You should note that several films, most recently Micahel Winterbottom's 9 Songs, have received R18+ certificates from the OFLC despite featuring actual coitus and other explicitly detailed sex acts.

        So it's not a guarantee of an RC rubber stamp for states that don't have X ratings.

          Oh, Absolutely. Though 'art' always seems to have different rules applied to it. The guidelines have quite obviously relaxed over the past decade.

          Shortbus received an R18+ rating also, if it had been released in the mid 90's there's no way that would of been the case.

          I didn't mean to suggest rubber stamping.

    Finally.

    Of course this issue is finally addressed once I've already metaphorically packed my bags for Europe. Hopefully this will be resolved when I get back in two years. I'm sceptical that it will be though.

    So, if politicians are agreeing that support is so overwhelming, how come it's taken to the past few weeks for any of them to notice? They're not up to anything unusually sinister they're wanting to distract us from are they?

      58,400 is a rather paltry sampling of the population as a whole.

      Given that input was requested, the standard argument is that people FOR the proposal will respond in force, people AGAINST the proposal will either be unaware of it, or respond which leaves the rest of the people in the 'other' category who just don't care and are unlikely to respond.

      You could then draw the conclusion that the results will obviously be a majority FOR the proposal.

      That's the reason there was a second request for submissions.

        Not really... you'd assume those opposed to it would feel just as strongly as those in favour of it, and would respond in similar numbers. Some people against it might not be aware of it, but you could say the same for some people who are in favour of it.

        As for the others in the "don't care" category who don't respond - if they don't care, then they should have no impact on the outcome, since they won't mind either way.

        It's like if you held an election and one candidate lost narrowly but then claimed he should be awarded victory because there were a thousand people who didn't vote that might have voted for him if they HAD voted. If they didn't vote when they had their chance, then who cares what they think?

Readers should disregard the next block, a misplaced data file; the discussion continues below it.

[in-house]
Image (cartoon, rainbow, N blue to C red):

"If they didn’t vote when they had their chance, then who cares what they think?"

          They know they had a chance is the difference. This open submission did not have anywhere near the publicity that an election does.

          Given that their job is to act in the interests of the population then they had no choice but to ask for a second, OPEN submission, as opposed to one driven by video game retailers encouraging their customers to petition.

          If they had of taken a sampling of the population, an accurate one, then the results would show a % for, a % against, and a % that are indifferent.

          In the current case I think I can quite comfortable assume that the only submissions they received were for, or against, which means 98.4% were for, leaving 1.6% against.

          In an accurate sampling you may get 100,000 people surveyed, 50,000 for, 46,000 indifferent, and 4,000 against (hope my maths is right...).

          That would mean 50% were for an R18+ rating with 4% against. 46% don't care.

          The figures aren't so overwhelming then.

          Now don't get me wrong I'm not suggesting only half of people want the ratings system change, I wouldn't be surprised if that 98.4% wasn't far off the mark, I was merely suggesting that the sampling isn't entirely accurate, especially given that people who are indifferent in this scenario are unlikely to have said anything.